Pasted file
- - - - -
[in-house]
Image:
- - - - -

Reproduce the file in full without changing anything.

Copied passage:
[in-house]
Image: